How did you learn your craft?
Drawing was something I have technically done since I was a child. At the age of nineteen I decided to take it more seriously and eventually enrolled in a liberal arts college. I graduated with a degree in art studio with a concentration in drawing and a minor in art history. Ultimately though, my greatest amount of learning came after college. I've devoured every tutorial art video on youtube that I felt could teach me something, it didn't matter if it was a technical tutorial, about the psychology of art or the business side. I really believe that greatest thing I learned about making art is that you have to slow down and enjoy the process more than the end product.
When did you realize you wanted to be an artist?
At the age of nineteen. It was a rough moment in my life. I had been going to school for computer engineering at a state school and struggled to enjoy the subject matter. During my second year, my father passed away from an experimental treatment that was suppose to aid in fighting the brain tumor he had. The treatment was known to increase chances of blood clots and we believe one ended up in his lungs. With his passing I stepped back and asked myself "What do I really enjoy in life?". This question wasn't answered easily. It took me dropping out of school and moving back home for a while to figure out that art was the answer.
Your about section notes that you mostly work in graphite. What attracts you to this medium? How does it help you execute your ideas?
The thing that attracts me to graphite is it's simplicity. It is one of the simplest ways to make art but can lead to the most complicated pieces. I do enjoy other mediums but all my pieces start as a pencil drawing, when I sit down to make a piece all I have to do is grab a pencil and paper. There is no setting up paints and water and finding the right brush or prepping a canvas. It's just a piece of paper and pencil. It's also a very forgiving medium if you have a delicate hand. I can work though ten to twenty ideas on a piece of paper without having to worry about getting a new piece of paper because I can always either erase or incorporate any stray marks. This all culminates to the the idea that drawing is the most basic form of representational art and graphite is the easiest way to execute an idea quickly but maintain the energy of a gesture and the tightness of precision.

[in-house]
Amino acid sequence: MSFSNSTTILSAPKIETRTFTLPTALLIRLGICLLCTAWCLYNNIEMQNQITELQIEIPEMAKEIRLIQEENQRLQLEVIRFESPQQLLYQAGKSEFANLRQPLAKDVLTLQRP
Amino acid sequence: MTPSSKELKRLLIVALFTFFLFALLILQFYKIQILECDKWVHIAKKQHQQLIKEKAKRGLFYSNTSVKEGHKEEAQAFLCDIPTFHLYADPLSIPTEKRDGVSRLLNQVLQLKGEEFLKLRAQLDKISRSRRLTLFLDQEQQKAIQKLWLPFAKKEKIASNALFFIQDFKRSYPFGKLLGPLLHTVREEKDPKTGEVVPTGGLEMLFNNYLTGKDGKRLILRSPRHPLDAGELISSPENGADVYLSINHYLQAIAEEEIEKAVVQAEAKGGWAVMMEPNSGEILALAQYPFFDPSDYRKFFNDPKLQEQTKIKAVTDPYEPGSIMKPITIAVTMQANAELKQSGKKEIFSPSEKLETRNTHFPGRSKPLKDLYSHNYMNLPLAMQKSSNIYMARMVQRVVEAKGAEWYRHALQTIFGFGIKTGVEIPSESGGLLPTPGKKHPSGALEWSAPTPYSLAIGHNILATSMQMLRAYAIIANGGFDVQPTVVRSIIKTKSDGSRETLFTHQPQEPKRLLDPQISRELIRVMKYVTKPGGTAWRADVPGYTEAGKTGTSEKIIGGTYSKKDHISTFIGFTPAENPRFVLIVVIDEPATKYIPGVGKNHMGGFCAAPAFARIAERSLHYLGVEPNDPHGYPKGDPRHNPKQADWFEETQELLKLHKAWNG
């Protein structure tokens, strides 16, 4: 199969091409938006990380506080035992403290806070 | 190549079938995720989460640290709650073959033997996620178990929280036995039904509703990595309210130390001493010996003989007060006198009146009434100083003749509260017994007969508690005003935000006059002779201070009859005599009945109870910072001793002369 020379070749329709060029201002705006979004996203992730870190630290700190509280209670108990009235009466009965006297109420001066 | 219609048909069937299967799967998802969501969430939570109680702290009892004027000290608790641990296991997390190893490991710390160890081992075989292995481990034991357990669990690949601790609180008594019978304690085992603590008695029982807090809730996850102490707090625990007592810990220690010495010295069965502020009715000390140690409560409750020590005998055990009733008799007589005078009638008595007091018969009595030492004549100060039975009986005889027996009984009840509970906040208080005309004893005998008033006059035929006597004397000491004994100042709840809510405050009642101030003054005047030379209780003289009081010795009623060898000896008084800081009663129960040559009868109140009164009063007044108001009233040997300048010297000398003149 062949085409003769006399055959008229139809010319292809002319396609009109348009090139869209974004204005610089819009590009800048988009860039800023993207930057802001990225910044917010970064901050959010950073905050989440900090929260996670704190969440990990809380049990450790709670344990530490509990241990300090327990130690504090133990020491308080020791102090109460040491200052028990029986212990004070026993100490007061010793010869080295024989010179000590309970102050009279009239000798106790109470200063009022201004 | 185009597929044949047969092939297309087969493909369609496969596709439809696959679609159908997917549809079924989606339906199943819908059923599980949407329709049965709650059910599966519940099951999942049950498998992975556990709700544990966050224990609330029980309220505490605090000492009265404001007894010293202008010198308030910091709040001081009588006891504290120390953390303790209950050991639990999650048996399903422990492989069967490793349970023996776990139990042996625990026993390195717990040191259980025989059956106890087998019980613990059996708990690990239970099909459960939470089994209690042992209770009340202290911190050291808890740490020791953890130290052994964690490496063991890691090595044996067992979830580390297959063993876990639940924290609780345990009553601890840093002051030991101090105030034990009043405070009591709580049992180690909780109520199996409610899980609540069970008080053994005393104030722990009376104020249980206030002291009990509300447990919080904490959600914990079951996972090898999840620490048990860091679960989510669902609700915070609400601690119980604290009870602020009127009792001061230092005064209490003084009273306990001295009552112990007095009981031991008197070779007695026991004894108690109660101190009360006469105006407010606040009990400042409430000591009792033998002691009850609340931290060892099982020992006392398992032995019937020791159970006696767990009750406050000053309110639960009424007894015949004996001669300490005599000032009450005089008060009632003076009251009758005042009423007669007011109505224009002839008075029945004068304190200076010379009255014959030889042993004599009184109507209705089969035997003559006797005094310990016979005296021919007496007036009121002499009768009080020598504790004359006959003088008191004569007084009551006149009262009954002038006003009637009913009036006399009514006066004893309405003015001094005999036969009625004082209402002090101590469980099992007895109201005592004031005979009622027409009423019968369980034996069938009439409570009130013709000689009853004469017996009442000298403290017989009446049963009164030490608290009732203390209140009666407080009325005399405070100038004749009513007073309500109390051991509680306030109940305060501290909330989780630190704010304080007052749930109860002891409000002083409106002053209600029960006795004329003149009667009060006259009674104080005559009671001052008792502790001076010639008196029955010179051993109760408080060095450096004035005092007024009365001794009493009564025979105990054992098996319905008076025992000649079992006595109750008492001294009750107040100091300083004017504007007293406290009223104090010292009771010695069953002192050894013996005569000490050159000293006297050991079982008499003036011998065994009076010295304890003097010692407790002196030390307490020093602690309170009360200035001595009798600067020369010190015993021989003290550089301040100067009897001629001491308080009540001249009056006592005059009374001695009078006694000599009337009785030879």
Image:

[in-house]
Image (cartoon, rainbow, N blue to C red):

Do you face any challenges in translating your ideas to the page? If any, what helps you overcome them?
Any artist that tells you they don't is lying. Their reaction to those challenges is really what matters and probably determines their answer to this question. Personally, I struggle often and it is usually due to my state of mind or my environment. I've come to learn that having anything that will pull my mind away from the work at hand will cause frustration. To counter this I listen to music with only instrumentation and no lyrics and I don't leave the TV on or listen to podcasts during this part. The rendering portion of art making is much easier and I can listen to podcasts or watch television during this portion. Now on the subject of what people would typically call "artist block" or the inability to find inspiration. I'll be cliche and quote Picasso, “Inspiration exists, but it has to find you working.” In other words, if I can't get a concept to work I will pick an object and just draw it. This just gets the creative process moving and allows me to mindlessly draw while my brain can flutter between ideas to find a way to make it work. I also have 5 or more projects going at once typically and will just work on one of them if another is giving me problems.
At what point do you say “I'm done!” when working on a piece?